October 28, 2007
Review by Dan Chester
Rainy Day: granted just a warmup, pine for the days of "Roving Gambler"
Don't Think Twice: sweet version, any tune involving the standup bass
stands enhanced Tom Thumb's Blues: really different arrangement, couldn't
quite place the title from the snatches of lyrics caught, overall it
didn't happen Love Sick: not a fan yet this is where an evening of strong
singing took off, not won over yet well done Levee Gonna Break: wow,
interesting on the album, tonight he/they found a vein and it was the mine
that almost broke, this what was hummed in the post-show glow Blind
Willie: they do this well Stuck Inside: not rocking like the GESmith days
yet a faithful/fun version When the Deal Goes Down: what this band does
well, sung well 'Til I Fell: not a fan, turned sorta bluesy, filler
(especially when one thinks of all his other possibilities) Workingman's
Blues: nectar version of a song that keeps growing on the listener and
that now stands with Floater and Spirit on the Water and Sugar Baby as the
creme de la gems of the last couple albums, seems to truly enjoy singing
it Highway 61: ratcheted up a little late, simmering nicely by the end
Nettie Moore: another one slowly earning it's space in the canon, some
great lines delivered well, what was hummed upon waking the next day
Summer Days: hold off on the worn-out-merchandise truck for now, really
rocked, kudos to the band for the reinvigoration Ballad of a Thin Man: not
really a fan, strong, strong version, he found a fresh, captivating
phrasing, showcasing his Artistry Thunder: shouldn't have taken a break,
singing fell off a bit, rocked solid, crowd really dug it Blowin':
treat-mendous arrangement with the violin/guitars/keys almost sounding
like horns, had a Mayberry Strut feel if that can be a description Call it
a great show. Hats off to ChiTown for their Theatre ( I could study it's
ornate-ness during "'Til I Fell"). Band had quality night. The singing,
for whatever reasons, was stellar. Truly appreciate the experience.
Review by Dave Moyer
Bob's management company very cleverly held out on announcing the
Chicago shows until after a friend of mine relented and bought tickets to
the Bloomington show on the 20th. A couple weeks back my oldest son
made the plea to see Bob in Chicago. Tickets were still available, and
naturally I relented.
What a great decision that was. Bloomington was, in my opinion, the
worst of the 25 or so shows I have seen. Last night's show was very
strong. My faith in humanity is now restored.
Bloomington was rather uninspired, but mostly I attribute my
disappointment to the set list, which I would describe as a nightmare.
When the Deal Goes Down, Spirit on the Water, and a poorly delivered
Workingman's Blues #2 and 'Til I Fell in Love with You, combined with
an All Along the Watchtower that couldn't get off the ground, and you
have five out of the 16 songs right there. A couple highlights along the
way just weren't enough this time.
Fast forward to last night. Was I watching the same performer?
First off, kudos to both Amos Lee and Elvis Costello. Amos is a real up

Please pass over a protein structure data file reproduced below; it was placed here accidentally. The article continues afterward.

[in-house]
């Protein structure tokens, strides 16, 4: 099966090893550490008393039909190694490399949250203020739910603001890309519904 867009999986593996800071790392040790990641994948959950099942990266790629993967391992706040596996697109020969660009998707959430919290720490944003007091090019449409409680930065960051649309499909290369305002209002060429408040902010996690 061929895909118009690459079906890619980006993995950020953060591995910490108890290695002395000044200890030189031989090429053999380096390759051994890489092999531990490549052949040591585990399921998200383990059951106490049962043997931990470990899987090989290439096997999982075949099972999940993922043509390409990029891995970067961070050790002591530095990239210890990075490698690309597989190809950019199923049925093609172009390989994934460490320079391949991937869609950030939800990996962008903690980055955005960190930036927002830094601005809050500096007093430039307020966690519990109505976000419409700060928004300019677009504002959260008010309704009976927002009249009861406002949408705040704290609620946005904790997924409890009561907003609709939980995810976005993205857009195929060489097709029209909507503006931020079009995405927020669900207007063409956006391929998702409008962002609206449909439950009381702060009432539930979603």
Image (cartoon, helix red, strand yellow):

and comer, and Elvis was enjoyable as well.
And now, to the main course. Often it seems to take a few numbers
for the show to take off, but my compliments to the chef. This show
was solid start to finish. I would suggest the highlights were Just Like
Tom Thumb's Blues and Stuck Inside of Mobile with the Memphis Blues
Again. (Another note from Bloomington: Rainy Day Women #12 and
35, this night's opener, was the only Blonde on Blonde song the entire
evening, perhaps a partial explanation right there of that show's
shortcomings). Thunder on the Mountain is always enjoyable, but this
time many of the other standard fares had noticeable life, and Bob
seemed to trust his voice and pull off his intentions much, much more
effectively. Working Man's was delivered the best I have heard; a
seemingly revamped 'Til I Fell in Love with You worked, a blistering
Summer Days and Highway 61 Revisited were played with intention;
and even When the Deal Goes Down, which I thought should be
relegated to the file the reads, "Songs Never to Be Performed Live,"
was enjoyable and well-received by the audience. When the Levee
Breaks was strong, as it was in Bloomington, Love Sick was good,
Nettie Moore was well done, and Blind Willie McTell was our nugget
for the evening.
There was simply nothing to nitpick. It was a completely enjoyable
show all the way through. On the way back to the train, a young girl
said, "I like the songs he played." I turned around and asked, "Have you
seen him before." She said, "No, this was our first time." Another older
couple next to me said, "Really, your first time." I extended my hand to
both her and her presumed boyfriend and said, "Welcome to the club."
After a pause, I said, "You'll be back," and she nodded, "I sure hope so."
One question for Mayor Daley. Could we get a sports bar or pizza joint or
something near the Theater District to supplement the ample number of
McDonald's, Potbelly's, and Dunkin' Donuts?
Comments by Tim MacNamara
My review is different. It concerns the unfortunate atmosphere frequently
surrounding Bob in concert.
The usher told me and the guy next to me to sit down several times. The
usher! The (old) man in front of us told me and the guy next to me to be
quiet. You can't stand? You can't be happy? You can't feel the music?
I don't understand. It's not the opera. It's not Shakespeare. It's not
the library. Is it possible I am too young, at 41!, to see Bob in
concert? The crowd makes or breaks Bob's concerts. This time, they
ruined it. Stand up. Let loose. It's Bob - live in concert.
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